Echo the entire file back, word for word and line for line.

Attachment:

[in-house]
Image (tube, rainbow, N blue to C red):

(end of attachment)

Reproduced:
[in-house]
Image (tube, rainbow, N blue to C red):